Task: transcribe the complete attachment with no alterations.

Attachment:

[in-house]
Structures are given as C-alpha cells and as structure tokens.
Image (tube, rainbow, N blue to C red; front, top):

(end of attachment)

[in-house]
Structures are given as C-alpha cells and as structure tokens.
Image (tube, rainbow, N blue to C red; front, top):